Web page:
Complex inkjet prints and large-scale public installations capture artist’s colourful world of the heart.
Pakistani artist Atif Khan’s iconography traces its lineage back to the aesthetically rich Mughal empire while providing a contemporary twist.
Atif Khan’s detailed work employs existing or found images that provide a fresh narrative on a traditional art form. As Khan told Art Radar, he combines imagery from the Mughal Empire (1524-1752), which was responsible for such monuments as the Taj Mahal and the Shalimar Gardens of Lahore, with his very own contemporary compositions:
The use of Mughal iconography in my work expands the time zone of my canvas, from the present day to a few hundred years in the past, which help the viewers to free their minds from the limitations of the real time and enter an imaginary world.
To construct my compositions on the basis of my own storyline, I work with fractions of existing or found images, created by others. I borrow these fractions of images not only from Mughal miniature paintings but also from the famous Pakistani truck art and all type of printed materials i.e. books, posters, currency notes etc. I do a kind of recycling of images; even though I extensively incorporate the found images in my work, my compositions are entirely new and very much of my own, which suggests new meanings to the viewers.
Atif Khan was born in Sahiwal, a small city in central Punjab, Pakistan in 1972. The artist graduated with distinction from the prestigious National College of Arts Lahore (NCA Lahore) in 1997 and was awarded the UNESCO-ASHBURG Bursary. He has participated in a residency at Darat-al-Funun in Amman, Jordan and has recently seen his work at the Aga Khan Museum, Islamic Museum of Australia and Sharjah Art Museum. The artist currently lives and works in Lahore, where he runs the Cowasjee Print Studio, a part of the Department of Fine Art at NCA Lahore.
As a graduate from NCA Lahore, Khan joins an internationally recognised roster of artists such as Imran Qureshi, Faiza Butt, Humaira Abid and Aisha Khalid, all of whom combine traditional techniques with contemporary “conceptual practices”.
New school tech
Khan’s practice embraces modern-day technology in the form of an Epson 9000 series printer, which uses Ultrachrome archival inks. Each creation is printed on Hahnemühle archival papers. These tools enable Khan to unlock his creativity and result in a very high-quality product, as the artist relayed in a recent interview with Art Radar:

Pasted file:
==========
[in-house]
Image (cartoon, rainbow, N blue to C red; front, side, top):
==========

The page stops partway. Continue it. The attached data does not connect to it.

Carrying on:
I did my first ever Photoshop course in 2004. So I was familiar with the process and the technique long ago but I used it only to make the photo-collages for my photo-etchings. In 2008, I created my first ever inkjet print, when I was working as an artist-in-residence at the London Print Studio in the United Kingdom.
The archival quality, high-end inkjet printing with ten colours, provided me unlimited opportunity to explore the colourful imaginary world inside my heart. Graphic designers also use the same tools to create their work, so the challenge I set for myself, was to avoid the feeling of a printed poster and I think, I’m quite successful and have achieved that goal.
The protagonists and heroes of Khan’s works are born from the past, and as seen in the work One on One, include silhouettes of Britain’s Queen Elizabeth the II and Mughal Queen Nurjahan (King Jahangir’s wife). The bulk of the artist’s work, however, depict fictitious kings and rulers. In his Landscape of the Heart series, Khan highlights the escapades of a king, dressed in finery. In one particular work of the series, Landscape of the Heart IV, the king is seen rowing a heart across a blood-red sea, with waves eerily similar to the heart rate on an EKG machine. This particular series, as the artist told Art Radar, relates to humanity’s quest for wisdom in an ever-confusing and bewildering world:
Landscape of the Heart tells the story of a king, who undertakes a journey to find his heart. He hears the angels who guide him on his quest, which takes him to faraway lands, by road and sea. It is when he understands that much of what we seek in life is already found within us, he returns home with his new-found wisdom. In essence, my work presents the transformation of the soul and enlightenment but on the other hand the use of direct and recognizable visual elements also point towards the social and political issues around us, in a subtle way.